Accompanying the historic news that U.S. troops are leaving Iraq is this news: The United States is promptly escalating its efforts—8,000 new troops now—in Afghanistan. (U.S. troop levels in Afghanistan are expected to swell from 38,000 to 60,000 by the end of the year. A force that size will cost $70 billion a year to maintain.)
This change in strategy from the Bush years dates back to Sen. John Kerry's mantra in 2004 that we "took our eyes of the ball" by leaving the job unfinished in Afghanistan when we charged into Iraq on fabricated premises about WMDs and Iraq's connection to al Qaeda. During the 2008 campaign, Barack Obama updated Kerry's rap, saying we needed to "get off the wrong battlefield in Iraq and take the the fight to the terrorists in Afghanistan and Pakistan."
And now as President, with his big announcement to U.S. marines at Camp Lejeune yesterday, he's moving policy in this direction.
In general, I think most Americans see the wisdom in changing course: We need to get out of Iraq so we can focus on Afghanistan. But here's a fundamental question: What is the focus in Afghanistan?
The point Obama continually makes is this: We cannot let al Qaeda operate from safe havens in Afghanistan or in the mountainous border region with Pakistan where they can plot against America—as they did in the late '90s and leading up to 9/11. The bad guy in Obama's equation is al Qaeda. Fair enough.
But what of the Taliban?
I recognize that al Qaeda's ability to operate is connected to Taliban rule, and so there's some overlap in a struggle against the Taliban and al Qaeda, but Obama needs to be clearer than this. Mixing and matching the fight against al Qaeda with a fight against the Taliban could make for a muddled and disastrous foreign policy. Ultimately, are we trying to eliminate al Qaeda or are we in it for the long haul against the Taliban?
These are two drastically different questions. And different wars. Routing out al Qaeda is a much simpler, less expensive proposition. Defeating the Taliban is a commitment that will drag on.
For example, if we eliminate the Qaeda bases, but the Taliban still dominates, is the U.S. willing or interested in fighting the Taliban to eliminate the Taliban's brand of despotic rule?
Is Obama willing to embark on a full-fledged ground war to crush the Taliban's persistent and ascendant movement; a movement that has traction in the Middle East, especially in Afghanistan were it can offer an attractive alternative to the lawlessness and wreckage of warlords and corrupt governments. (A similar story is unfolding in Somalia.)
In talking to the American people about this, Obama needs to tell us who we're fighting and why. Are we just interested in protecting America by zooming in on Al Qaeda? Or are we on a mission to defend Democracy and women's rights (and other pending casualties ... music?) in a Taliban dominated Afghanistan?
Unlike al Qaeda, the Taliban is not an expansionist movement (beyond Afghanistan and Pakistan, that is.) They are isolationists and don't care about the U.S. They want to bring Islamic law to Afghanistan and Pakistan and that's it. Is that our business? Is Obama willing to fight a war against that? That's a much different mission than routing out Qaeda havens in Taliban territory.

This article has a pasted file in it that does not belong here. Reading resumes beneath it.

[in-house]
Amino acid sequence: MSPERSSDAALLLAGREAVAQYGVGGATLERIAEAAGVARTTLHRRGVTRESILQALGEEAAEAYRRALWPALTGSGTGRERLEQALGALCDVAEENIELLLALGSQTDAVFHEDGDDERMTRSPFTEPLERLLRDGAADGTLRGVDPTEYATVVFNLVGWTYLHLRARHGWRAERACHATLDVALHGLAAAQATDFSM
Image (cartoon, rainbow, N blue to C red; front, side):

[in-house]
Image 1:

As Obama ups the troop levels and "takes the fight to Afghanistan," I want to know what the ultimate goal is. Is this a limited war to protect Americans or is this a larger war to protect Afghanistan from the Taliban? The latter is an admirable cause.
But is it desirable or doable?
Last summer, I had drinks with two U.S. army guys who had fought in Afghanistan and done cross border raids into Pakistan. I was pretty hawkish on Afghanistan at the time, but the way those two veterans shook their heads as I talked, has stuck with me. And that's what making me ask that question.
A recent cover story in Newsweek goes in-depth on the war in Afghanistan. And the sidebar makes this important point:
The most important departure from current thinking would be to make a distinction between Al Qaeda and the Taliban. The United States is properly and unalterably opposed to Al Qaeda—on strategic, political and moral grounds—because its raison d'être is to inflict brutality on the civilized world. We have significant differences with the Taliban on many issues—democracy and the treatment of women being the most serious. But we do not wage war on other Islamist groups with which we similarly disagree (the Saudi monarchy, for example). Were elements of the Taliban to abandon Al Qaeda, we would not have a pressing national-security interest in waging war against them.
In fact, there is a powerful military advantage to moving in this direction. Al Qaeda is a stateless organization that controls no territory of its own. It can survive and thrive only with a host community. Our objective should be to cut off Al Qaeda, as far as possible, from its allies in Afghanistan and Pakistan. Deprived of local support, Al Qaeda would be a much diminished threat. Now, it is certainly true that some elements of the Taliban might be closely wedded to Al Qaeda. But others are not. Even the most hard-line Taliban—the so-called Quetta Shura led by Mullah Omar—have at various points made overtures to the Afghan government, always asking that they be distinguished from Al Qaeda.